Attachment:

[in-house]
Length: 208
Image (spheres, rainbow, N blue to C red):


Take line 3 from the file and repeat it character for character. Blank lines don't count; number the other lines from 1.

Image (spheres, rainbow, N blue to C red):